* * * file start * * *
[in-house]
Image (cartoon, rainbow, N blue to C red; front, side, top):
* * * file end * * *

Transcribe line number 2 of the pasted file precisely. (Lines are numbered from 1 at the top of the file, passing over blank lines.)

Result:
Image (cartoon, rainbow, N blue to C red; front, side, top):